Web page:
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Tomorrow we catch the Shinkansen back to Tokyo for the next part of our journey. It will be a 6 hour trip, even with the train travelling so fast!

Posted by tollidaytravels 00:54 Archived in Japan Comments (0)

Kyoto


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Well we can finally say we have reached our dream destination. Japan has been on our wish list for a long time and it hasn't disappointed so far.

After a great time in Bangkok, we landed in Osaka at 11pm. We always knew that it was going to be a tough day for the boys and having not been here before we really didn't know what to expect. They were exceptionally good (of course!) but hit the wall at 2am when we got off the airport bus just around the corner from the hotel. Cameron was totally over it!
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So, having climbed in to bed at 2:30am, we used all of our allocated time by sleeping in and checked out at 12pm to go and find some breakfast. We took a local train from Osaka to Kyoto where we had booked 8 nights to work out 'where to from here'. We had planned on spending about a week in Kyoto as we had a good travel tip that it was a must see destination.

We had no idea that Kyoto had so many shrines, temples and pagoda's but we were inundated with choices of where to go. Here's where we picked:

Kiyomizu-dera Temple and Gion District - a famous district of Kyoto showing traditional houses and lanes, and also famous for the Geisha that learn their craft there.
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Here's looking down the street. Note the lady in traditional Kimono. It is quite common to see both men and women dressed in traditional clothing and they are gorgeous!
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Ryoanji Temple founded in 1450 - note the boys sitting in front of a traditional Japanese Zen rock garden.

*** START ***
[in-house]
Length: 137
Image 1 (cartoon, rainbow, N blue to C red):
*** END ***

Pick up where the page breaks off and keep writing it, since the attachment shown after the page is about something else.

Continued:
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Kinkakuji Temple - or "Golden Temple", covered in gold-foil and one of Kyoto's most famous temples.
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Tenryuji Temple and Bamboo Forest - built in 1339 and including a Zen garden of the same age. the Arashiyama Bamboo Grove is very famous and was amazing to wander through.
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Yasaka Shrine and Chion-in Temple - considered to be the guardian shrine for the Gion district. The Yasaka Shrine gate is quite impressive at 9.5 metres high
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What's developing as a regular occurrence in each country is our boys ability to wind up having their photo taken with beautiful women.
Here's Cameron 'hanging out' with a couple of Korean Army First Lieutenant Surgeon's who had come to Japan for a weeks vacation.
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And, not to be out done, Lachlan accidentally winding up in a photo session with two gorgeous Japanese girls in traditional Kimono's. Oh Dad was so jealous!
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Our trip wasn't all about Temples and Shrines. We took a day out to visit the Kyoto Train Museum. The Japanese love their trains, and they did a great job with preserving some old engines, much to Cameron's delight! Apart from a very brief steam train ride, there were numerous steam trains available to climb over and play with. There was also a very good exhibit on how the train works. Something for adults and your everyday steam-train-loving 6 year old.